Earthquake devastates thousands in Nepal
- 8 million in need of humanitarian assistance (OCHA)
- Over 8,000 people injured (OCHA)
- Thousands of lives claimed with the toll continuing to rise
How we're helping:
- Plan is on the ground and airlifting immediate aid, including food kit distribution
- Plan has distributed over 5,500 emergency shelter kits, as well as blankets, bed nets, etc.
- Plan has distributed over 1,000 education kits to children
- Plan has begun opening Child Friendly Spaces for thousands of children
Our relief efforts in the coming days and weeks will focus on:
- Water and sanitation
- Child protection
- Emotional and psychological support
- Educational support – we plan to build 100 temporary learning spaces to accommodate up to 12,000 students
On the morning of April 25, 2015, a 7.8-magnitude earthquake struck the densely populated Kathmandu Valley in Nepal, killing thousands and injuring thousands more. It is being recorded as the worst earthquake to hit the country in 80 years.*
The quake triggered landslides and crumbled buildings -- cutting off power and leaving entire homes, temples, and other structures in the area completely destroyed. Hospitals are at their capacity and many have been forced to take to the streets, barricaded by blocked roads and left with little or no means of communication.
Devastation from this disaster -- which was 16 times more powerful than the quake that shook Haiti just 4 years ago* -- has also rippled out to the surrounding countries of India and Bangladesh.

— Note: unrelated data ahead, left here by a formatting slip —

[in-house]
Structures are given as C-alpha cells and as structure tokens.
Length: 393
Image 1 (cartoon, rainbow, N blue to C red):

Nepal's mountainous terrain will make relief efforts more difficult and the full extent of destruction will only be known once rural areas outside Kathmandu are reached. Officials fear the death toll will continue to rise.
There is no question that the impact on affected children and families will be massive.
Plan is on the ground in affected areas
Plan has been working in Nepal since 1978, with field offices in the areas of Kathmandu, Makwanpur and Baglung. Our staff were present when the quake first hit.
Plan UK chief executive Tanya Barron is in Nepal on a program visit and was in a meeting when the earthquake first struck.
“It was frightening,” she said. "I had the strange feeling of the floor moving slightly ... A second later the whole room moved and then the whole building. Then our local friends really looked worried and said this was much stronger than anything before, and we should get out fast."
Plan staff are already mobilized to assess the situation and are ready to quickly respond with relief efforts. In any emergency children are the most affected -- and the most vulnerable.
“Children may be separated from their families, they may be injured themselves, their homes may be damaged or destroyed, and they may be deeply traumatized," said Plan International Nepal's Country Director Mattias Bryneson, who is currently located in Nepal.
"Making sure that their core needs, including shelter, water, healthcare, and essential protection mechanisms, will be among our immediate priorities,” he said.
Plan is already working to provide life-saving emergency assistance, ensuring we reach children and the most vulnerable people to support their immediate needs, as well as long-term recovery.
But we need your help.
“It’s dark now in Kathmandu, and power is out in most areas. It seems as though the entire city is outside, sleeping on the streets,” said Bryneson. “The demand for humanitarian relief is massive, and we’re focused on getting aid distributed in coordination with other agencies, NGOs, and the government as quickly and efficiently as possible."
Help us protect affected children and families in this devastating time, when they are most at risk and their rights are most threatened. Together, we can save lives.
Plan staff are currently focusing on providing emergency relief, and are unable to provide news on individual sponsored children at this time. We will continue to release details as we assess the situation. Please visit this website, as well as our Facebook and Twitter for updates on the situation in Plan-affiliated communities.